Tanjavur town was the royal capital for over 1000 years from the 9th to the 19th centuries. The huge Brihadishvara temple built by Rajaraja I and the great Chola monarch of the early 10th century A.D are also situated in Tanjavur. The vimana or the tower above the temple consists of thirteen storeys and is over 60m high. There is a dome above this tower, which weighs over 80 tonnes. Some of the walls of the temple are covered with beautiful paintings.
The Tanjavur town also has a number of smaller temples, tanks and a large medieval palace, which were built by the Nayak and Maratha kings who ruled Tanjavur after the Cholas. The miniature paintings and cut-glass handicraft items of the town is unique to this place.
The Cholas succeeded the Pallavas in Tamil Nadu and they were great patrons of art. During their time, many temples were constructed in Tanjavur and a number of titsavetmurtisor processional deities were fashioned to meet the needs of these temples.
The figures of these deities were made more formal in pose and moulding than in the Pallava period. The early period of Pallava rule had gracefully bent body of the deities. The sacred thread (yagno-pavita) became rather lean compared to the ribbon-like ones of the Pallava period and the upper arm starting from the shoulder rather than from the elbow of the lower arm as in the Pallava period.
The Tirupurantaka (Siva) sculpture of 64 cms height is one of the earliest of the Chola bronzes of Tanjavur. From the available details, it is assumed to be designed in the middle of the 9th century. It is an early bronze of Saivite themes so it bears ancient style.
The Natesa (Siva as the dancer) from Kuram here is 53 cms in height and describes the development in all its glory in a concise and dazzling manner. It is therefore considered to be a masterpiece and a gem of a bronze. In the Tanjore Art Gallery of Tanjavur, one can see the Vishapaharana (one who takes away the poison) from Kilapundannur and the Vinadharamurthi (one who carries the veena). Here, the bronze representing Siva in a seated pose is almost similar to the Vinadharamurthi and it seems to have formed a Somaskanda (Siva with Parvati and Muruga) or Uma Sahita (Siva with Parvati) group. Few other significant bronze sculptures of Tanjavur include those of Rama, Sita, Lakshmana and Hanuman from Vadakkapannaiyur, Srinivasa with Sridevi and Bhudevi from Sirupanaiyur, the Buddha from the temple of Manjunatha at Kadri near Mangalore, and the Bikshatanamurthi (mendicant) from Tirunamanallur, Ganesa from Settipulam, the Chandikeswara from Okkur, Maheswari from Velankanni, Natesa from Sivapuram and the seated Buddha from Nagapattinam and many more. Their construction age is assumed from their characteristic styles, physiognomic features, ornamentation and the icons and epigraphy on the pedestal.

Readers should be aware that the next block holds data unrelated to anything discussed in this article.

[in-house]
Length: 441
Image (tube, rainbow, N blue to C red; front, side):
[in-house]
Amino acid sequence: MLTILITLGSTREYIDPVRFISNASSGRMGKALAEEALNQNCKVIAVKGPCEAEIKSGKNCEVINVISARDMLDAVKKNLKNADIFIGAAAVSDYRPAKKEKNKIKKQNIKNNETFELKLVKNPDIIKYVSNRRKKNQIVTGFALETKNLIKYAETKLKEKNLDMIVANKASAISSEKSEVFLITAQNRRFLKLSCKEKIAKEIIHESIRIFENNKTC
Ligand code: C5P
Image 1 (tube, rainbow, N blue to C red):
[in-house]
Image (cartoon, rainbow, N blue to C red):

During the later period of Chola kingdom, the emblems of these images were held on two upraised fingers and the headdress is conical, the sacred thread consists of three strands of equal thinness and the necklace is elaborate. The earliest bronze of the later Chola period (1100-1350) is the Somaskanda from Nidur. Some other bronze sculptures of Tanjavur belonging to Chola period include the Avalokiteswara (Bodhisatva) from Nagapattinam, Parvati from the same place, Pradoshamurthi (Siva) from Vellagaram, Parvati or Sivakamasundari from Sivapuram and the Rama group from Tirukkadaiyur. The most popular icon of Tamil Nadu is the Nataraja or the dancing form of Siva from Tanjavur. The central motif of this dance represents the five cosmic activities of creation, evolution, preservation, destruction, illusion and salvation. The fourth hand is pointing to his lifted foot, the refuge of the soul. One foot is resting on Apasmara, the embodiment of human cruelty and ignorance. An immense aureole of flames is shown radiating from the Siva's figure, which represents the vital processes of nature, sustained by the fabulous energy of the dancing God within. These flames symbolise the transcendental power of wisdom and truth, as well as the mantra 'OM' which signifies the totality of creation.
One of the best examples of 'Ardhanarisvara' is the one from Tiruvengadu of the Tanjavur district. It can be now seen at the Madras Museum. Ardhanariswara, as the name itself suggests, shows Siva as half male and half-female, illustrating both the male and the female energies. During, the later part of Pandya period, some bronze figures of a Jaina Thirthankara and few others were brought in Tanjavur. These include those from somewhere near Sivaganga, the seated Vishnu from Sermadevi, Umasahita from Tanjavur district itself and the standing Mahavira from Singanikuppam
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